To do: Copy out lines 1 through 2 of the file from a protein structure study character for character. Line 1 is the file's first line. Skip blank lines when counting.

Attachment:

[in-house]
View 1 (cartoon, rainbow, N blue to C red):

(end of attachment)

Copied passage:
[in-house]
View 1 (cartoon, rainbow, N blue to C red):